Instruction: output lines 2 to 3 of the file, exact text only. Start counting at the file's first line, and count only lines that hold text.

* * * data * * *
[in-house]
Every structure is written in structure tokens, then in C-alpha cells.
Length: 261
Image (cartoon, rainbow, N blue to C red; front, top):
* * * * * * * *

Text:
Every structure is written in structure tokens, then in C-alpha cells.
Length: 261